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Rice Resistant to Pyralid Moth


China has made significant progress in cultivating a new type of rice which is genetically resistant to the pyralid moth, a major threat to rice across the world.

Chinese scientists have completed a field experiment on a rice type called the "Huachi Series" in southeastern China's Zhejiang Province.

The experiment indicates that the rice, whose seeds were bred in a laboratory three years ago, has demonstrated a startling ability to resist the pyralid moth.

The experiment was conducted by the Institute of Nucleus Agriculture and the Center for Applied Insect Research of the Zhejiang University, with financial aid from the Ministry of Agriculture.

The experiment found that 99 percent of the pyralid moths that ate the leaves of the genetically modified rice died within four days.

A comparative field experiment also suggests that the genetically modified rice is free from attack by pyralid moths while 42 percent of rice shoots in a comparative control group were attacked.

According to Shu Qingyao, chief scientist of the program, they so far have developed two sub-types of the rice, namely KMD1 and KMD2, both demonstrating pyralid-resistant ability without unwanted side effects.

Shu and his colleagues developed seeds of the rice in collaboration with the University of Ottawa and obtained the go-ahead from the Ministry of Agriculture to start the intermediary test in 1999.

During the intermediary test, the rice type is grown on an experimental basis.

The Ministry of Agriculture has made strict stipulations governing the development and spread of genetically modified organisms with agricultural value to ensure biological safety.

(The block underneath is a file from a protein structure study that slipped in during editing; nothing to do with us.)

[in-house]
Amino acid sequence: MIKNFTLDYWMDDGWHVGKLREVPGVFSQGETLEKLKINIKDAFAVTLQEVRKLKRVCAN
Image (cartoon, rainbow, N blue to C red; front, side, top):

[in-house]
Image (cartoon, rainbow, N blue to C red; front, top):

No genetically modified organism will be allowed commercial promotion unless licensed by the ministry after an extensive experiment and review process.

The process consists of a lab experiment, the intermediary test and a test in the environment, each of which may take years.

So far, the ministry has only licensed two types of pest-resistant genetically modified cotton for commercial promotion.

The pyralid-resistant rice developed by Shu and his fellows is now in the critical phase of real environment testing.

If they complete the phase successfully, they may then apply to the ministry for permission for commercial production.

In the next stage, the researchers will concentrate on research into the biosafety of the rice type.

The pyralid moths are the top killer of rice and reportedly cause damage to about 10 million hectares of rice each year in China.

So far, there has been no effective measure to eliminate the pest in the world other than the use of pesticides.

(China Daily 07/25/2001)

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China Regulates Genetically Modified Products

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